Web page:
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What impact will personalised medicine have on pharmacy?

Until just over 15 years ago, the medical and pharmaceutical communities took a standardised approach to drug therapy in that we treated all patients as if ‘one size fits all’. This approach was challenged in 2003 when Allen Roses, then worldwide president of genetics at GlaxoSmithKline (GSK) stated that, “the vast majority of drugs – more than 90% – only work in 30–50% of the people”. In other words, while we have effective drugs, they do not work in everyone.

Roses pointed out that a better understanding of pharmacogenetics would remove much of the uncertainty and variability in drug response and toxicity. This observation resonated with the increasingly wide use of the term “personalised medicine” and its aim to select “the right dose of the right drug for the right indication for the right patient at the right time”.

More recently, the US National Institutes of Health has defined the closely related term “precision medicine” as “an emerging approach for disease treatment and prevention that takes into account individual variability in genes, environment, and lifestyle for each person”. This concept is anticipated to allow healthcare professionals to predict more accurately which treatment and prevention strategies for a particular disease will work in which groups of people, and to identify those treatments that are most likely to produce toxicity in susceptible individuals (for example, severe skin reactions associated with carbamazepine or phenytoin treatment in individuals of Han Chinese or Thai origin possessing the human leucocyte antigen [HLA] B*1502 allele).

Another example relates to the enzyme thiopurine methyltransferase, which metabolises thiopurine drugs (azathioprine, mercaptopurine, tioguanine). The risk of myelosuppression (a condition in which bone marrow activity is decreased) is increased in patients with reduced activity of the enzyme, particularly for the few individuals in whom TPMT activity is undetectable. These latter individuals should therefore not receive azathioprine, mercaptopurine or tioguanine therapy.

Very recently, a blood test has been developed that accurately and reliably predicts whether depressed patients will respond to common antidepressants. It has been shown that individuals with two biomarkers (a naturally occurring molecule, gene, or characteristic by which a particular pathological or physiological process or disease can be identified), macrophage migration inhibitory factor (MIF) and interleukin IL-1β, above specified thresholds are unlikely to respond to conventional, commonly prescribed antidepressants. On the other hand, patients with levels of these biomarkers below the suggested threshold are expected to respond to first-line antidepressants[1].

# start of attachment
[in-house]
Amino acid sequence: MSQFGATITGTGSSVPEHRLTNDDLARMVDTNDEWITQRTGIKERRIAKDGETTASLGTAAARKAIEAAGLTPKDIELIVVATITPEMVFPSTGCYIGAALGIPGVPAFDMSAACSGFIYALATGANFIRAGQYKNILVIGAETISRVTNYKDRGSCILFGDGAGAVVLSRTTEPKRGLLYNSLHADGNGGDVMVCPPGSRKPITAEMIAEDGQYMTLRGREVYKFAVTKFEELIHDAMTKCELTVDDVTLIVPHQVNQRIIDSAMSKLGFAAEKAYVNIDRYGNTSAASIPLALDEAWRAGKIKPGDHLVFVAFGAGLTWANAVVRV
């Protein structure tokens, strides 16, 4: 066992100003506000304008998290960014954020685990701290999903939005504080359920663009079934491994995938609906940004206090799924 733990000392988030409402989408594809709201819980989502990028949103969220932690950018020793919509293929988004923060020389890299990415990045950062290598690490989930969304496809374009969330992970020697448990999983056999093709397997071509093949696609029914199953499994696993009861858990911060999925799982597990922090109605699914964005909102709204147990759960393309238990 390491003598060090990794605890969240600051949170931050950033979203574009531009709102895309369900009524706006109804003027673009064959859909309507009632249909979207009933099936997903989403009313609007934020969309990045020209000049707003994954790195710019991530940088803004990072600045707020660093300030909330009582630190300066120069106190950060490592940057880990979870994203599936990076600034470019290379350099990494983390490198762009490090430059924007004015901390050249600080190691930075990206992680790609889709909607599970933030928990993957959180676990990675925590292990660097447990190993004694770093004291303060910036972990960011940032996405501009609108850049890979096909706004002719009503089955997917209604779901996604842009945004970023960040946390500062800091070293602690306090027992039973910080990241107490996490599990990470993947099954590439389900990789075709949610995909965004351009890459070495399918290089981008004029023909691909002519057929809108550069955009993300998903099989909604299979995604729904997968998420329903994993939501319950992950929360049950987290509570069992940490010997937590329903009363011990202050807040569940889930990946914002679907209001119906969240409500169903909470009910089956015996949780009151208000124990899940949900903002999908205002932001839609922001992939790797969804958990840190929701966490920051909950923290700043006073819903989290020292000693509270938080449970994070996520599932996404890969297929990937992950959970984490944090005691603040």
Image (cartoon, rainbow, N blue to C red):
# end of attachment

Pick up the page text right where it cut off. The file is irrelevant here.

The impact of personalised medicine on pharmacists and other healthcare professionals is becoming increasingly important. These medicines are typically macromolecular biopharmaceuticals that require particular care in their handling, administration (usually by parenteral injection or infusion) and storage (often requiring refrigeration). The selection of patients and the appropriate dosing necessitates the intervention of a diagnostic test in many cases and parenteral administration always requires specialist care and observation. The complexity of the treatment also demands that the pharmacist has well-honed communication skills to explain clearly and confidently why a treatment may or may not be appropriate for a particular individual.

As a consequence, in addition to the provision of blood pressure checks and lifestyle advice, pharmacists in the NHS are playing an increasingly important role in health technology appraisal and medicines optimisation, helping to ensure that patients have timely access to clinically effective and cost-effective personalised medicine.

Hence, the RPS Pharmaceutical Sciences External Advisory Panel (PSEAP) emphasises the need to ensure that we have pharmacists with the right skills and educational background to match the advances in personalised/precision medicines: an objective underscored by the Association of the British Pharmaceutical Industry in a recent report that highlighted the fact that the UK life sciences industry faces a skills shortage in this regard[2]. In response, the PSEAP has established a working group on personalised medicines, reflecting its determination to ensure that the pharmacist plays a central role in providing patients with “the right dose of the right drug for the right indication for the right patient at the right time and at the right price”.

Acknowledgements go to Philip Routledge and Richard Guy, also on the PSEAP, and to Jayne Lawrence and Colin Cable, chief and assistant chief scientist, respectively, at the RPS for their contributions to this article.

Citation: The Pharmaceutical Journal DOI: 10.1211/PJ.2016.20201328

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